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Penn National Trump Tweets

In case you hadn't heard, there was a trial last week in federal court regarding Penn National trainer Murray Rojas, and the verdict came down:
  •  A Pennsylvania-based trainer has been found guilty of "misbranding" animal drugs and related conspiracy counts after a split verdict in a long-running, high-profile case involving alleged race-rigging at Penn National. However, a federal jury on Friday cleared trainer Murray Rojas of the most serious charges of wire fraud and conspiracy to commit wire fraud, which could have left her facing jail time.
The result is fairly straightforward: those trainers (and despite what you may read in the racing press about this, there are many) who use raceday meds - through prerace or otherwise - should be on the lookout for Elliot Ness. However, proving pure fraud which will land you in the big house is pretty hard to do. Still, the case clearly shows that things have changed. Business as usual in some barns isn't business as usual at all.

What's more interesting to me is not the case itself, but the reaction to it. On one hand we have the racing apologists, who don't even want to seem to say a word about the case, with a tacit "boys will be boys" support for such actions. On the other, we have those who believe what the federal prosecutors proved happens at Penn National (as seemingly a matter of course) is the worst thing in the entire world.

Both narratives, in my view, are a little too polarized.

If you believe prerace - in the form of brown bottle backstretch garbage, or vets charging $400 a pop for a "cocktail" on race day (which in many cases is 100% legal) - is not an issue at all you're probably part of the problem. If you believe everyone who tries to keep up in the cutthroat claiming game is some sort of John Wayne Gacey of the equine set, you're probably not doing the game any good either.

The answer probably lies somewhere in between.

No, raceday prerace should not be excused if the game wants to be where it needs to in modern society, and in fact, as an investment vehicle for horse owners. These practices need to change, and the penalties need to be severe for those who push envelopes. But let's save the jail time for those truly doing the really bad things, like pain killing which can result in horse and jockey death, or importing heavy drugs to defraud the public and fellow horse owners.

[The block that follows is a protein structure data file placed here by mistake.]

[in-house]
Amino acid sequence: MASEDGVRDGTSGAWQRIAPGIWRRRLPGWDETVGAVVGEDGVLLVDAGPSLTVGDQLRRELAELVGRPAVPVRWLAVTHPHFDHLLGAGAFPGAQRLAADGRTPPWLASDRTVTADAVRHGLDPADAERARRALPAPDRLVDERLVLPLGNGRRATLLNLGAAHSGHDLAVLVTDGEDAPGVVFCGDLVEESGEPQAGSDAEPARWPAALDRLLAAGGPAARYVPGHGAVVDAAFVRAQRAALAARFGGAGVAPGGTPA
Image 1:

The reactions to a Trump tweet that's uncouth or offbase is often excused by a bunch of people. On the other side you'd think the man committed murder. It's uncanny, based on bias or otherwise, but it always leads to the same place - nowhere. With Penn National, excuses or over-the-top reaction with little in between will probably cause similar to happen. Being balanced and introspective is, in my opinion, the only way the sport will solve its myriad problems.


Comments

Anonymous said…
But taking one side or the other in team sports betting is what is done. Middling, and even passing a game is not common. The same is typical of most racegoers: more choices but still basically taking sides and trying to play every race possible. Dutching in a logical way seems to be too much work for most, except for maybe the highest rollers using offshore platforms.

In the US it has become all about taking a side for anything, even demanding others take a side. The rise of sports betting handle certainly seems to have mirrored that rise in attitude, though I'm not saying it's the cause. Still, it's easy to do; you don't have to think too hard. It's also proven to be shortsighted and destructive.

US folk for compromise and moderation nowadays are few and low-profile. John Boehner, former US Speaker of the House, was able to put together a budget with opposing Democrats only to have it rejected and was kicked out for it by his own party.

Joseph de Maistre, not Alexis de Toqueville, said "Every nation gets the government it deserves". By extension, Every nation gets the quality of sport, including horse racing, it deserves.